Cancer is not a fight. It's an illness. Some people don't get better. Period.
Cancer doesn't operate on our terms, and that makes people very uncomfortable. And so there are those who have the propensity to create a mythology to cover up the realities of the disease, in order to apply an idealized version of it to mesh with our moral code or cultural viewpoints. It's a selfish thing to do, and it doesn't fool anyone. For example, there are no heroes when it comes to cancer. There are people who live, and there are people who die. Sometimes there are reasons, sometimes there aren't. Sometimes it makes sense. Mostly it doesn't. As Xeni Jardin has said, "Lots of people suffer through treatment in pursuit of more life. Some cancers don't respond. Some of us die. We're not heroes or failures." There are too many people who are lauded for surviving a disease they have no control over, and so many who are forgotten because they didn't.
Recently I found out that my first survivor role model has opted to end his treatment. I have never met him. But he was the first young adult cancer survivor I came across after I was diagnosed, and I followed his progress intently, possibly even to distract myself from own treatment. He accomplished a great deal in his life, and I think that he's a hero. He isn't a hero because he survived cancer for so long, and he isn't a hero because he's dying now. It isn't because of his attitude or perspective, or the overwhelming courage with which he chooses to meet his fate. All of those things are commonly said about cancer survivors. It's nonsense. No one is courageous by choice. We are courageous because we don't want to die. None of us can say that we know what it means to give up, either, which is another misguided argument. "Well Jim will fight hard because he knows what it means if he gives up." Jim has no idea, and neither do you. Truth is, we just don't want to find out.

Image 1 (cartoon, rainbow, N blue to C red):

This man is a hero because, in the absence of cancer, he would have lived his life the same way -- in the service of others. Because he would have found a way to make the world a better place regardless of whether or not he was ever diagnosed with a terminal illness. Heroes are people who embody the idea that the needs and sufferings of others are more worthy to address than our own. People who know that they can cope with their own lot in life as long as they know they've done their part in making things a little easier for those who have it worse. Some people live solely for the purpose of helping others. This man is one of them. He has fought, and continues to fight a system he knows firsthand to be broken. He carries the torch for change, knowing full well that he himself is beyond help, and anything he accomplishes will not serve to benefit him.
If you think someone is a hero for surviving cancer, or courageous, or inspiring, then you're part of the problem. You're doing it wrong. Anyone can survive cancer. And anyone can die from it. You want to sell your book, or promote your movie with a heavy sugar coating of mythology wrapped around the serious, ugly core of a terrible disease; that's fine. Leave me out of it.
Respect those who give back. Respect them more if they do it without any promise of a return. I don't care what disease they have or don't have.
Oh thank you. Thank you so much. I have been saying the same thing since I was diagnosed in 2007. Yes.ReplyDelete
I'm glad you like the piece. I understand the desire to assign militaristic language to disease, because it grants you the illusion of more control over your circumstances. But it completely distorts reality, and exponentially victimizes those who don't get better.Delete